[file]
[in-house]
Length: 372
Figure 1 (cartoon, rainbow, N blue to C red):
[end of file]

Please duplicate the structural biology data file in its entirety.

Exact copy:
[in-house]
Length: 372
Figure 1 (cartoon, rainbow, N blue to C red):